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Instituto Evandro Chagas

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Saccadic intrusions: review and update.

Lemos, João; Eggenberger, Eric.
Curr Opin Neurol; 26(1): 59-66, 2013 Feb.
Artigo em Inglês | MEDLINE | ID: mdl-23302805

PURPOSE OF REVIEW:

This work reviews saccadic intrusions focusing on recent developments in pathophysiology and treatment.

RECENT FINDINGS:

Saccadic intrusions have been recognized as features of oculomotor apraxia type 2 and neuromyelitis optica. Novel fixation instabilities have been identified such as 'staircase' square wave jerks, or the pervasive ocular microtremor seen in Parkinson's disease. Although evidence supports a network underlying the pathophysiology of square wave jerks involving cerebral hemispheres, subcortex, brainstem and cerebellum, the debate regarding the pathogenesis of ocular flutter and opsoclonus centres on a cerebellar and brainstem hypotheses. The cerebellar hypothesis explains functional imaging findings, whereas the brainstem hypothesis provides possible explanations for some therapeutic responses as well as accompanying myoclonus, startle and tremor. A study of immunotherapies in children with opsoclonus-myoclonus syndrome found that treatment combinations were more effective than corticotropin alone.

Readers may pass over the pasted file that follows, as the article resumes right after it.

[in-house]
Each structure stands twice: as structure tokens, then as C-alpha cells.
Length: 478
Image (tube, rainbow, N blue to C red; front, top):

SUMMARY:

Recognition of saccadic intrusions can assist in the diagnosis of neurological disease. We are gaining new insights about pathogenesis through models, functional imaging and genetic approaches.